Taber, the youngest Ellis son, earned an accounting degree from Huntingdon College and now works as Ag Specialist for Alfa Insurance in Autauga County, where he has also started a backgrounding operation supported by his father-in-law. Dad Ellis proudly observed, “He gets out every day before daylight to care for up to 300 calves at any given time and monitors 1000 head of stockers over the course of the year, keeping them fed and healthy. And he plans all our planting and grazing efforts with our farm manager, Lucas.”

Taber’s wife, Grace, has a farming background as well and extensive cattle industry experience. She works with Taber in the stocker operation and as Development Officer for the Alabama FFA Foundation. She serves on the Autauga County Soil and Water Conservation District as supervisor, as corresponding secretary of the Autauga County Farmers Federation, and as a board member for the Alabama Council of Cooperatives. The couple has two daughters.

Ellis believes strongly in the principle of land stewardship and said, “The proper use and maintenance of our natural resources is the key to the longevity of our operations and our economy.” Ellis and his sons have applied a number of conservation practices on Triple E. Farm and at Priester’s Pecans, Inc. Broiler litter from the poultry operation is used to build the soil in the grass and grazing land for the cattle. LED lighting has been installed through the poultry operation and other farm buildings, and the poultry houses were updated to solid-side walls with tunnel ventilation to stay current with good practices and conserve energy.

The entire farm has been converted to natural gas, creating a large savings in utility costs. They’ve also worked with the Natural Resource Conservation Program and used the Environmental Quality Incentive Program (EQIP) to install additional water troughs for cattle on the home property as well as a compost barn for mortality on the poultry farm. Additional trees are being planted each year to promote wildlife habitat, provide shade for cattle, and help prevent soil erosion in low areas.

Ellis has seen his share of challenges over the years, including a major fire in 1998 in which the retail store, the candy kitchen, and the bakery were completely destroyed during the holiday sales time. Ellis recalled, “Reconstructing a bigger, better facility helped the company overcome the setback and provided a modern facility that met new food safety requirements.”

He added, “The ongoing challenges are balancing the diverse aspects of our farm, instituting effective time management practices, finding trustworthy people for responsible positions, and making sure family members are consistently supported.”

In the future, Ellis hopes to purchase more land to accommodate expansion goals for cattle production. The family unit will continue to graze stocker cattle with the intent of owning a greater percentage of those cattle. And they will keep making improvements on rented property in cooperation with the landowners.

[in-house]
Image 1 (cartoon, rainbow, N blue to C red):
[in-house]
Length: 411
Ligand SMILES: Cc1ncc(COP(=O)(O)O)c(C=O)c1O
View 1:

At Priester’s Pecans, Inc. future plans include a $600,000 investment in new equipment in the shelling operation, purchase of new cooking equipment, and increasing annual sales growth by between 5 and 7.5 percent to reach a total of $17,500,000 in sales over the next ten years.

On the rewards of farming, Ellis commented, “Besides seeing what’s planted in the earth take root, grow, and thrive, it’s been a privilege getting to learn from the larger agricultural community here in Alabama. I’ve gained so much from so many people in the cattle, poultry, and pecan-growing industries.”

Over the last two years—in rare breaks from his daily farm tasks—Ellis and his wife have taken two mission trips to Louisiana and Guatemala. Occasionally he launches a drone to observe his cattle grazing or simply gaze at a beautiful sunset. The family also enjoys some downtime on Gulf Coast beaches. He noted, “It sounds really basic, but I’m so happy to just spend time with my loved ones at home too. We’ve been tremendously blessed in having our sons, their wives, and children here to support, be supported by, and cherish.”

Ellis was nominated Alabama Farmer of the Year by Guy Hall, the Area 7 Director for the Alabama Farmers Federation’s Department of Organization. He commented, “What makes Thomas Ellis special is that he uses his diverse farm business and service to a number of industry organizations and local community boards to help Alabama agriculture be successful. Triple E. Farms is named in honor of his three sons who all work in the family businesses. Thomas generously shares his time and resources to improve agriculture at the local, county, and state levels. And he enjoys it all.”

A distinguished panel of judges will visit Thomas Ellis, along with the farms of the other nine state finalists, the week of August 10–14. The judges include John McKissick, long-time University of Georgia agricultural economist at Athens, Georgia; David Wildy, Manila, Arkansas, the overall winner of the award in 2016; and Cary Lightsey, Lake Wales, Florida, the overall winner of the award in 2009.